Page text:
Challenges in the building sector in the context of sustainability

May 13, 2022

Pēteris Celms

BluOr Bank Investment Portfolio Manager

Designed by some of the world’s best architectural minds to withstand any hurricane, the New Choluteca Bridge in the Honduras was completed in 1998, just in time to be put to the test. When Hurricane Mitch hit the Honduras later that year, much of the country’s infrastructure was considerably damaged and many bridges were destroyed, but the new bridge survived with minor damage. It had performed as well as expected. But there was one problem – the storm was so violent that the ensuing floods literally shifted the course of the river and washed away the highway that connected it, leaving the New Choluteca Bridge on the newly dry riverbed - a literal bridge to nowhere.

The takeaways from this story are many – our self-assured hubris that we can tame the environment, failure to account for every externality, etc. – but one important and simple fact is that even if something is built to last, it is its adaptability that determines how long it will.

Which brings us to European real estate.

Picturesque to all those who come visit, European cityscapes are steeped in tradition and long-lasting cultural heritage. Visit almost any European capital and you end up walking through a UNESCO world heritage site. Cities devastated by the Second World War were built back to preserve the heritage of the previous grandeur that was left over. Even today much of what is built new must fit in with the old. There is a reason why Europe is significantly lacking the skyscraper skylines that dominate the major cities of the United States, China and the fast-developing regions of the world.

At the same time, the EU Green Deal directives mean that the European building sector faces a radical change of paradigm requiring digital and physical infrastructure overhauls. These directives are extremely ambitious in their scope and will require massive adaptations of both what is already built and how we build anew to create a zero-emission building sector. Given that approximately 75% of the current EU building stock is energy inefficient and accounts for almost 40% of the EU total energy consumption and 36% of greenhouse gases, the coming changes are set to have a profound effect.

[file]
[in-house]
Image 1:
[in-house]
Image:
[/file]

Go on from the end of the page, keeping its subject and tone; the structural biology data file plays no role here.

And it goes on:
The explosion of new technologies, new and emerging needs of occupants and complex energy interactions between buildings are coming together at a time when our collective energy security is under more stress than ever. These changes are leading to a new generation of building management systems and ICT tools that render them ‘smart’ and enable new capacities and interactions between buildings, their users and with other buildings through energy grids to create a system of ‘smart’ buildings.

Thanks to this ‘smart’ evolution, there is a vision of what the future may look like. Buildings that offer an energy efficiency first approach, consuming the least amount of energy to meet the comfort required of their occupants. Buildings that generate energy on-site or nearby from renewable energy sources, some even having a positive energy balance by generating more than they consume. Buildings that enable smart interactions with the energy grid to provide flexibility via short-term energy storage, electric vehicle charge management, demand response systems and more. Buildings that empower their users by letting them access energy consumption and generation data, giving them information and control over the implications of their behavior on the energy consumed or the indoor air quality.

These technological solutions offer a utopic vision for our lived-in environments, but it is difficult to gauge how quickly they can or will be adopted.

Back in the physical world, however, there are other changes that will have a profound effect on ecological sustainability, many of which are already being implemented.

Well-insulated window systems are atop that list. High-performance windows such as double-glazed or triple-glazed windows have already become common in northern European countries, where heating systems are necessary, and the insulation performance of windows can have a significant impact on energy consumption. According to some estimates, there could be up to a 37% reduction in CO2 emissions and energy consumption by 2050 from buildings alone by using high-performance windows in all buildings in the EU. In the Baltics in particular, these changes could result in up to a 45% reduction over that same time span.

Other improvements are being made wrapping existing buildings in insulated materials. These building envelopes can drastically improve insulation and efficiency. Green envelopes (green facades or living walls) take this a step further and are an example of developing efficient energy neutral solutions. They not only can provide insulation for the buildings they envelop, but also transform the cities themselves by adding greenery to the urban environment, improving air quality, and lowering temperatures.